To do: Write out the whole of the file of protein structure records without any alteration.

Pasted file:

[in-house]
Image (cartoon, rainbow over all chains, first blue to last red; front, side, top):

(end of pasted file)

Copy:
[in-house]
Image (cartoon, rainbow over all chains, first blue to last red; front, side, top):